The 10 inch screen means this is a very decent solution, with a lower-than-expected cost.

Option 2: Nexus 9

The Nexus 9 is the most expensive tablet I suggested ($472 from Amazon), but a tablet that will provide a consistent, “pure Android” experience. The Nexus 9 is missing the microSD slot, but comes with 32 (or 16) GB of internal storage. This should be enough for Ariel, plus he can add or remove documents and apps, as he sees fit. This will free up even more space.

Android 5.0.1 is making the Nexus 9 a bit laggy, but Android 5.1.1 is rolling out. This update should fix some of the stability problems. The Nexus 9 will still function well even without the upgrade. Plus, if Ariel wanted to, he could “downgrade” to a more stable Android 4.4.

Option 3: Amazon Kindle Fire HDX 7

Normally, I wouldn’t give an Amazon Android device a second glance. But the Amazon Kindle Fire HDX 7 satisfies a lot of Ariel’s requirement, and is available for $199 on Amazon.

Obviously, some of the biggest drawbacks are, 1) it’s Amazon, which means Amazon Appstore for Android, and 2) the HDX is a 7-inch tablet. Acrobat Reader is available in the Appstore for Android, as a direct download.

The Kindle Fire HDX 7 sports a 2.2 GHz processor, making it one of the fastest devices on the market. Plus, you’re getting a 323 ppi display, for high-quality image viewing. The true negative is the fact that there’s only a 7-inch screen — an 8.9-inch HDX is available for $479. If you’re really concerned about user experience, stick to the larger screen devices listed above. If you want to test the experience, try getting your grandma to use the device and open the files. If she can do it, you should be fine.

Option 4: Samsung Galaxy Tab S 8.4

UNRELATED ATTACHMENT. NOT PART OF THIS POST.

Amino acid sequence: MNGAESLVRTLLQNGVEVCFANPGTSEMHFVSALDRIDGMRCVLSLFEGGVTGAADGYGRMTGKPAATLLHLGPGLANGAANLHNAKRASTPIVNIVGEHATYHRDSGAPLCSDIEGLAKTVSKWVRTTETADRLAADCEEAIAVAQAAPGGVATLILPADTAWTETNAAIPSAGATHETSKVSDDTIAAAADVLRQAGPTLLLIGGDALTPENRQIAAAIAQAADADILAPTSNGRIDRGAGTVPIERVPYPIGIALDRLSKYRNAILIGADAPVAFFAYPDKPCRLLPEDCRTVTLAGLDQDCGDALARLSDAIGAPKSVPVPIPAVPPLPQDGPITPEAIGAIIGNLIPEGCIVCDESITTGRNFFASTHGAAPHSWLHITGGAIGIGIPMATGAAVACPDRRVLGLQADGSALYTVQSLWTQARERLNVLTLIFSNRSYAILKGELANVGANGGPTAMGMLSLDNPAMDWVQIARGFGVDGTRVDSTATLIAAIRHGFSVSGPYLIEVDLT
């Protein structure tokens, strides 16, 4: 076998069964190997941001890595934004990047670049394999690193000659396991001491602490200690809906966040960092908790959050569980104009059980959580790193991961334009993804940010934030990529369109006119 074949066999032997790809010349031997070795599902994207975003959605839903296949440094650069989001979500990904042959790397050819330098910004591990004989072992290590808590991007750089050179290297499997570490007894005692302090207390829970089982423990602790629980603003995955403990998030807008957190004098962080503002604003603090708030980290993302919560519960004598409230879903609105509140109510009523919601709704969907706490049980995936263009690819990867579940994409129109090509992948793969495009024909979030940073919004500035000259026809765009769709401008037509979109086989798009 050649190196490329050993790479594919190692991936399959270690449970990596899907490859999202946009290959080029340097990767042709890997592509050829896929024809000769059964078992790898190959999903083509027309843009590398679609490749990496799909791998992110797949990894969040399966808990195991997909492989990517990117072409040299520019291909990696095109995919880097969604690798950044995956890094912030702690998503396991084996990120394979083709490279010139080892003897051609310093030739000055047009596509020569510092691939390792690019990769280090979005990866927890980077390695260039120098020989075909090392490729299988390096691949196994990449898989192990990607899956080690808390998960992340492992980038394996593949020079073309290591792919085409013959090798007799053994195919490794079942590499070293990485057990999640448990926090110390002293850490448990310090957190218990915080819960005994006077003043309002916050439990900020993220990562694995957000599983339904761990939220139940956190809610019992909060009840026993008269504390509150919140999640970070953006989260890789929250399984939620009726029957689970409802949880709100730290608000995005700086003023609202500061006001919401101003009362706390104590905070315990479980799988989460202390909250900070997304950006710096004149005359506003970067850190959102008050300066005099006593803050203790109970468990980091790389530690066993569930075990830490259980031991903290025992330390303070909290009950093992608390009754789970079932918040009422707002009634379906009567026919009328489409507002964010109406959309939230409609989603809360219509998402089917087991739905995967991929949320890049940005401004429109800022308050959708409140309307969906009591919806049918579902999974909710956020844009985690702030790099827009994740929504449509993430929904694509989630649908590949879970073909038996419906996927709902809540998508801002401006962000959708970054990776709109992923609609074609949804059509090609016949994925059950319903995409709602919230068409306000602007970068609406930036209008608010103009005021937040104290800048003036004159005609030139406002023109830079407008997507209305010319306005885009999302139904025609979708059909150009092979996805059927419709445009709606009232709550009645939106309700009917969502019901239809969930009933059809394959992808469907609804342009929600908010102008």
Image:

My final suggestion is the “toned down” version of the Tab 4, the Samsung Galaxy Tab S 8.4. This should probably move ahead of the Kindle Fire, and maybe Nexus 9, because of screen size and performance. The Tab S comes with an 8.4-inch screen and 16GB of ROM (expandable to 128GB). The 1.9 GHz processor is at the upper end of the spectrum, so there’s no trouble handling any of the tasks. The Samsung Galaxy Tab S 8.4 will set you back $279, and its big brother, the Galaxy Tab S 10.5 will bust your wallet at $379. Compared to the Galaxy Tab 4 10.1, both of these devices fare much better in performance and other specs, but will break budget in mass quantity, which is why the Tab 4 gets the top spot nod.

Live the Boy Scout Motto, “Be Prepared”

Regardless of the selection of tablet for the purpose, the most important factor is readiness. Honestly, “a few weeks” is probably not enough time to work out kinks that could cripple the experience. (I’m certainly not saying Ariel’s doing things wrong, just constricting the timeline for preparation.)

If you’re implementing technology into the courtroom, you need to prepare from the beginning for its use, just as you do with your client’s file. I think we do a disservice to our client’s case if we “wing” our technology preparation, or delay its use until right before trial. Remember, “Jeffrey’s Law of Legal Technology.” Zealous advocacy on behalf of our clients includes diligence in preparing contingencies for the inevitable technological failure.

Featured image: LT – Technology – Digital Annotation by Matt Cornock

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Jeff Taylor

I’m just an ordinary guy living an extraordinary life. I’m also an attorney and I blog about Android for lawyers. You can follow me on Twitter, LinkedIn, YouTube, or Google+.